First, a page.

Cats burned in California wildfires also had heart problems

Veterinary student Valerie Fates cares for a cat hospitalized at the UC Davis Veterinary Medical Teaching Hospital during the 2017 Tubbs Fire. (Credit: Rob Warren/UC Davis)

Cats who suffered burns and smoke inhalation in recent California wildfires also had a high incidence of heart problems, a new study shows.

Researchers studied 51 cats referred for treatment after the 2017 Tubbs Fire in Santa Rosa and the 2018 Camp Fire in Paradise. Echocardiograms, or heart ultrasounds, showed the cats had significant cardiovascular effects, including a much higher incidence of heart muscle thickening and blood clot formation.

“What was most surprising to us was the vast number of cats that were affected and the severity of their condition,” says lead author Catherine Gunther-Harrington, assistant professor of clinical cardiology at the Veterinary Medical Teaching Hospital at the University of California, Davis.

More than half of the cats had heart muscle thickening and close to 30% had blood clots or were at high risk of developing blood clots. Developing blood clots puts cats at high risk of sudden death. Six of the cats in the study died or were euthanized due to cardiac issues during the course of their care, but 82% survived and were discharged.

What about humans?

People also experience cardiovascular changes after burn injuries. With humans, the more severe and extensive the burn, the higher the risk of cardiovascular changes. In the cats studied, researchers saw higher incidence of cardiac changes than that reported in humans. The changes occurred in cats with moderate and severe burns.

“Many of these cats had moderate burns but had really severe heart changes,” Gunther-Harrington says.

Further research may help scientists understand if the severity of the problem is specific to cats or if this translates to people as well. Understanding the changes observed in cats could lead to a better understanding of the most effective treatment and prevention for both human and feline patients.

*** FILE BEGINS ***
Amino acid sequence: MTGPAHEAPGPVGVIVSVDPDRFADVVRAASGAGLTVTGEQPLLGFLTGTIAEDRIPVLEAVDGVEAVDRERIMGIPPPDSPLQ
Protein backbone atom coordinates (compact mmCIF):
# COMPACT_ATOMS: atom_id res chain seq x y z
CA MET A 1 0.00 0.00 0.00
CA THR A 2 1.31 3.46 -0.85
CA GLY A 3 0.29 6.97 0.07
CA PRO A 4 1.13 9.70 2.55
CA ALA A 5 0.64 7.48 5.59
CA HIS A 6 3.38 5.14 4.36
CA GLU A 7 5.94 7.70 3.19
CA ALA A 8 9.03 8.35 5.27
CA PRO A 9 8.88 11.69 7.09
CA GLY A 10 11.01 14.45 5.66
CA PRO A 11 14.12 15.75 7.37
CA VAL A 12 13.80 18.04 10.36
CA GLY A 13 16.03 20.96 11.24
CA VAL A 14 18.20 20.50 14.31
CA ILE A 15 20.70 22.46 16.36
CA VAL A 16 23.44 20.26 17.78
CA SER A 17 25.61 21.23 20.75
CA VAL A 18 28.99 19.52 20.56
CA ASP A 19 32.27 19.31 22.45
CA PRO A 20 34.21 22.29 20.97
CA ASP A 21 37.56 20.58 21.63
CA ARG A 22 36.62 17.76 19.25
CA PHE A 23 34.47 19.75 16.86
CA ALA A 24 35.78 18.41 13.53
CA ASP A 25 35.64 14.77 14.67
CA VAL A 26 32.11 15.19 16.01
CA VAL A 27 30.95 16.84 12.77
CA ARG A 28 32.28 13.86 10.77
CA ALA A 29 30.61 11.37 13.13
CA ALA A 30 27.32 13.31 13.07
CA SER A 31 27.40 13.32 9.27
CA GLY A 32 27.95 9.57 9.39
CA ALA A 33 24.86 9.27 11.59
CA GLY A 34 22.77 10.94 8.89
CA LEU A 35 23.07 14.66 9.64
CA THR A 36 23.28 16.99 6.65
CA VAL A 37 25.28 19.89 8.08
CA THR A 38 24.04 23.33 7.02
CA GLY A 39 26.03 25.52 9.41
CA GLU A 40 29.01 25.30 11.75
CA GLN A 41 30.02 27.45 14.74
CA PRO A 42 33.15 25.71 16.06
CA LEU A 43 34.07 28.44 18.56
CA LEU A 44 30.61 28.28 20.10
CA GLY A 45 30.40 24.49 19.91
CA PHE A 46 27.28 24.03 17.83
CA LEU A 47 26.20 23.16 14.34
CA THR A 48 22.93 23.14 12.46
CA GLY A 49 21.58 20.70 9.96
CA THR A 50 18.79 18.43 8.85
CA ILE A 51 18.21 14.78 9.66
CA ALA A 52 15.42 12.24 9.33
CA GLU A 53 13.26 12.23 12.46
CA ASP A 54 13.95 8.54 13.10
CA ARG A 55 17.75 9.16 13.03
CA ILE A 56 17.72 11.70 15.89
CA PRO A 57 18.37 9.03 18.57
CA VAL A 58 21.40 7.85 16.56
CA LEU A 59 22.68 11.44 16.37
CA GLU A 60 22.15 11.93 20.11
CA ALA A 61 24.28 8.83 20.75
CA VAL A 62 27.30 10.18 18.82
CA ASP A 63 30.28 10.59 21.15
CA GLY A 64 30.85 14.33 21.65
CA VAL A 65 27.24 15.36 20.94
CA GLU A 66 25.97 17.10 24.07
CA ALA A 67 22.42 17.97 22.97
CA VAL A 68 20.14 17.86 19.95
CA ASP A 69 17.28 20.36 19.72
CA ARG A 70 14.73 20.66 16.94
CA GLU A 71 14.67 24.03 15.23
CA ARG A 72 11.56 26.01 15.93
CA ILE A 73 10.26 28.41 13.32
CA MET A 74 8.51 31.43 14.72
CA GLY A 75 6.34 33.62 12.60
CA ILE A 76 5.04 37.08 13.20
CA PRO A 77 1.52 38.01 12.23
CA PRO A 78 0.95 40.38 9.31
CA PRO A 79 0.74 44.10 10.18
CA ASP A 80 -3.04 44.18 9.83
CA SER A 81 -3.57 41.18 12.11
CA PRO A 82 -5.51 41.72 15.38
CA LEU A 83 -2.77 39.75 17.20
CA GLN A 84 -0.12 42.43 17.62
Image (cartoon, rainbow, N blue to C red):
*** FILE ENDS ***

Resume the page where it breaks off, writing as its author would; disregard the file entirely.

“We also know that these cats inhaled smoke in a very urban environment, exposing them to toxicants,” Gunther-Harrington says. “These cats could be the canary in the coal mine, letting us know what might happen if more people are exposed to these types of wildfires.”

Cardiovascular screening after wildfires

The research points to the need for veterinarians to screen for cardiovascular changes in cats as part of their treatment after a wildfire to help reduce cats’ risk of death.

“Most of these cats were able to survive and recover, despite the severity of their condition,” Gunther-Harrington says. “That gives us hope because we know there will likely be more cats in the future injured in wildfires. The more we learn, the better care we can provide for them.”

Coauthor Ronald Li, an assistant professor of emergency and critical care medicine, has continued to study the mechanism responsible for the generation of blood clots in these feline fire victims. As a result of this study, the Li laboratory hopes to document a pathway that points to the most effective drug therapy to treat and prevent blood clots in future feline fire victims.

The study appears in Scientific Reports. The UC Davis Veterinary Catastrophic Need Fund supported the diagnostics and therapeutic management of feline burn victims reported in the study.

Source: UC Davis